A woman wins the top science book prize for the first time in history

The largest science book prize in Britain has for the first time been won by a female author, almost 28 years after it was established.

The 2015 Royal Society Winton prize for Science Books has been awarded to environmental journalist gaia, a journalist and broadcaster based in London. On Thursday evening, the award was presented.

It is indeed an honor to have her name listed among a long list of past award recipients, which includes Stephen Hawking, Stephen Jay Gould, Jared Diamond, James Gleick, and Bill Bryson, who are all masters in science journalism.

Vince traveled the world for over two years after quitting her position as an editor at Nature magazine to research her book, Adventures in the Anthropocene: A Journey to the Heart of the Planet We Made. According to Anthropocene, which was coined in the 1980's, humans have emerged as mankind's most powerful force on Earth, a period of Earth's geological history.

It was uncomfortable for me to do the writing assignment. Many of his trips in the past few years have taken him to areas where humanity's exploitation of Earth's resources has caused the most severe damage to people and the environment. Since poor people have been most affected, it should not come as a surprise that they have been hardest hit. The author visited slums in Columbia, a silver mine in Bolivia, and a slum along the way, in addition to slums in Colombia. When she landed in the Caribbean, she found thabuilt a new island out of refuse and decorated it with papaya leaves and palm trees when she arrived. Two wooden homes surrounded the island. Her globetrotting adventure was cut short when she contracted malaria while she was in the middle of it.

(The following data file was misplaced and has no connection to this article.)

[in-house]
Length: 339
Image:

Ian Stewart, the chair of the judges, recognized Vince's research into an under-reported field of science and his ability to write an original story. Stewart noted that all the judges were unanimous in their decision that Vince had won the competition. In an email, he stated that Vince's "dedication to this book" is a source of pride for all of us, a source of humility, in fact. While she provided an insightful analysis of the issue of the day, she did so in a way that could empower as well as never allow complacency to set in. I am very pleased that today we are acknowledging and recognizing the importance of this project.

Grace Vince, the first woman to ever win this prestigious award as a sole author, was awarded the book prize by the Royal Society of Literature this year. This is the first time a woman has received such an award, which is worth £25,000. The author of this novella is Alan Walker, co-author with Pat Shipman, who won the award for their work on The Wisdom of Bones in 1997.

Vince thanked the judges several times throughout his acceptance speech for having given him this award. When she was told that her money was going on someone else, she replied, "I wasn't going to bet on you.

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